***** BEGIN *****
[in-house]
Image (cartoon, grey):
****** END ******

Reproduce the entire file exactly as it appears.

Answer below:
[in-house]
Image (cartoon, grey):